The Sociocratic Circle Organizing Method is based on a “circular causal feedback process”. It uses a hierarchy of circles corresponding to units or departments of an organization. The hierarchy involved is a circular hierarchy – the links between circles combine to form feedback loops up and down the organization.

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Credit: Sociocracy For All

Circles make policy decisions by consent. There is consent to a proposal when no member of the circle has an objection. Objecting requires that a circle member has reason to assume that the circle cannot achieve its aim adequately if the circle approves the proposal.

Many intentional communities (such as some cohousing communities and ecovillages) use sociocracy, as well as some nonprofits and cooperative workplaces. Its principles have a resemblance to permaculture and cooperative principles as well as Agile practices.

Distributed Governance

Distributed governance is a method of forming consensus and legitimating decisions without the need for a central actor or hierarchy.

In traditional hierarchical organizations, there is always some level of human authority required to manage and protect organizational processes. For example, democratic groups need to trust that their secretaries will count the votes properly and democratic states need police to remove individuals who break the social contract. When such responsibilities sit with people, trust is necessarily required. And humans are fallible.

DGov offers a solution by allowing these decision-making processes to be governed by code, not humans.

If we see companies fundamentally as complex networks of contracts, then they are able to be stored on a blockchain. The earliest example of this is The DAO, an online venture capital fund. The DAO sought to allocate funds to projects in the fairest way possible, without funds getting misdirected to personal connections. 18,000 stakeholders held voting rights to allocate funds to certain projects. While The DAO did suffer a high-profile hack, the platform nonetheless proved the possibility of running a truly stateless, non-physical organization that controlled a very large amount of money without centralized human leaders.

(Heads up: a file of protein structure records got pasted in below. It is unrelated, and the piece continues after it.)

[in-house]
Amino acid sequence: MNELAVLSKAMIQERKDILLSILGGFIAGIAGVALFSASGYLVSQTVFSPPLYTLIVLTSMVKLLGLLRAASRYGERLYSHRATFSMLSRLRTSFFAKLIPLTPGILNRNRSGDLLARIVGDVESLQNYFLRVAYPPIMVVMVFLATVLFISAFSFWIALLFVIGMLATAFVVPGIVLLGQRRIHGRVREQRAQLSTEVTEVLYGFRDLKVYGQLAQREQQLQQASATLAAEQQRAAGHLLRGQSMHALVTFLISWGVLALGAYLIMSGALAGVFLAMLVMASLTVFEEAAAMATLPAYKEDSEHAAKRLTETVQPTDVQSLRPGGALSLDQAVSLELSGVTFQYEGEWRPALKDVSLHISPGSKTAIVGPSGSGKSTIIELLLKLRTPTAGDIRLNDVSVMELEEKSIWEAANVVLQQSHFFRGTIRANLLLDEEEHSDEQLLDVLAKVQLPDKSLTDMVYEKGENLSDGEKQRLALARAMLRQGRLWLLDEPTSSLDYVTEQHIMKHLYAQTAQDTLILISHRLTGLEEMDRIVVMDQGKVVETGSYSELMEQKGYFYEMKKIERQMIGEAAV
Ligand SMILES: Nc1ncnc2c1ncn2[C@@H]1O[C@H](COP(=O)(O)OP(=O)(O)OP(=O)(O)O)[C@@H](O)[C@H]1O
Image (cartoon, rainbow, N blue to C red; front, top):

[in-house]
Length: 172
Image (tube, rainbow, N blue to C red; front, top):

Proponents of distributed governance argue that this method of governance supports faster learning and helps an organization to evolve in the long run. It is also argued it is a more efficient way of governance: usually, a decision needs to pass many levels of the hierarchy, meanwhile the opportunity window can be lost or the cost of that decision can exceed its value. In addition, those impacted by the decision in question tend to have the best grasp on the issue. It is therefore more suitable that these individuals be involved in the decision-making process, as opposed to actors higher up in the organization’s hierarchy and therefore more distanced from the issue at hand. The absence of human error is also a popular argument; code is not susceptible to bribery or persuasion.

Key Actors and Organizations

  • Auguste Comte: considered to be the first philosopher of science. Coined the term ‘sociocracy’.
  • Lester Frank Ward: American sociologist and sociocracy advocate.
  • Beatrice Cadbury and Kees Boeke: expanded Ward’s ideas and implemented the first sociocratic organizational structure in a school.
  • Gerard Endenburg: electrical engineer and former student of Boeke’s. Developed the Sociocratic Circle Organizing Method.
  • The Sociocratisch Centrum (Sociocratic Center) in Rotterdam: founded by Endenburg and his colleague Annewiek Reijmer in the 1980s.

Key Texts

  • Ward, L. F. 1881. Politico-social Functions. Penn Monthly. University Press Co. 12: 321–336.
  • Ward, L. F. Dynamic Sociology. New York: D. Appleton and Company, 1883.
  • Ward, L. F. The Psychic Factors of Civilization. Ginn and Company, 1892.


Further Reading